I am the type of guy who is easily attracted by anything shiny. And that golden scroll wheel of the Questyle QP1-R seems to hypnotize me as I stare at it blankly. I know it is a sin as a personal audio enthusiast to be mesmerized by the looks of the gear alone, but I will have to admit it, I was stupefied.
Yet, then again, the QP1-R is not exactly a mere narcissistic digital audio player. Beneath the shiny housing of the QP1-R lies a mechanism that yields a superb sound based on the feedback I have heard from a lot of enthusiasts. I did give it a try a couple of months back but I wasn’t really too impressed with the sound quality, but given the hype on this monster I decided to give it another go. Perhaps I was not really in a perfect environment to give the QP1-R a closer scrutiny back then, so this time I am ensuring that this be given a closer look before I give my actual impressions on the said DAP.
But, before we traverse forward, allow me to give credit to a very good benefactor, Allen Inigo for making this BRI for QP1-R possible. You truly are the king.
So, let’s start off, shall we?
The frame of the QP1-R is nothing short of excellent. Material used is a CNC machined aluminum which shows the craftsmanship of Questyle. I particularly liked how sturdy the body is, as it obviously has a very solid build while holding it. Not that I am to subject it to too much pressure, you can cram it in your luggage or bag without worrying that you might crush it.
However, there are two things that quite ticks me off. First one is the volume knob. Yes, you can feel it click when turning it, but doesn’t seem to lock in every click. This gave me the feeling that it might loosen overtime which is such a bummer considering how solid the knob looks like.
Second one would be my biggest turn off: the scroll wheel. It is a bit difficult to turn even with a protective film applied to it, even more so without. I had to spin the wheel several times only to move just a few tracks. Without a film, navigating through the menu is, to be honest, quite frustrating. However, I came across a freshly opened box just earlier this week and thankfully, it seems to be a bit better. Not sure though if it was because the unit was new or if Questyle did make some improvements.
Overall, the build is indeed excellent, minus the fact that the scroll wheel is quite annoying to use sometimes.
Here’s some of the specs of the QP1-R:
Using some choice tracks, here’s what I observed:
Static Heart (Dew Of The Drew, What Does It Do)
Guitars on the intro sounded very airy, while drums sounded a bit subtle. What was so exciting on the track using QP1-R was the vocals, as it was clean and neat while blending well with the strings. Drums get punchier as the track progresses, giving the track a relaxing ambiance.
Black Dog (Led Zeppelin, Led Zeppelin IV)
Robert Plants vocals are as raunchy as ever using the QP1-R, but in this track, the opening lyrics sounded as if you were using balanced output with the DAP. It was immaculate; no minor hisses were present with the track. John Bonham sounded as if he was having the time of his life with each pound on the snare. Jimmy Page’s signature guitar tone was emphasized clearly using QP1-R.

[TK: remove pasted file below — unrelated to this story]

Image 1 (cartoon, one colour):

Tomorrow (Silverchair, Frogstomp)
Daniel Johns’ clean tone was totally explicit at the intro in spite of the splashes of cymbals. Even when he switched with his pedals, bass was still distinct. However, I immensely enjoyed the clean tones even at the high notes; it was never harsh. It was clean but still was able to flush out the cleanliness of the tone of the guitars.
While testing the tracks, I noticed that there seems to be some lag when pressing the back key. Not a deal breaker but can be a bit of cumbersome for others. Also, I noticed that QP1-R can drive some significant amount of juice out of it; some considerably hard to drive cans can be driven properly with the use of it.
I did a bit of comparison between the QP1-R and my current DAP, Onkyo DP-X1 and I guess the difference lies more on the sound. While DP-X1 seems to have a bit more dynamics, QP1-R sounded a heck lot cleaner and excels better in terms of clarity. Details are also better for QP1-R although for some, it may not strike as very exciting when it comes to sound. But please take this with a grain of salt as my comparison is relative; DP-X1 sounds great but pales into comparison with QP1-R. I would have appreciated if the QP1-R has a Digital USB out option like the DP-X1 though.
Overall, I liked the sound of the QP1-R, it is smooth and is well balanced, however, I would still opt for the Hifiman HM901S when it comes to versatility. However, as a standalone DAP, the QP1-R is a great choice for around $1000. Would I get one for myself? I probably would, but only when I am looking for a more compact and efficient standalone DAP. Otherwise, as I have stated, I would opt for a Hifiman HM901S or even a Sony PCM-D100. Don’t get me wrong though, I loved the QP1-R, it is just I am more inclined to a desktop setup rather than go portable.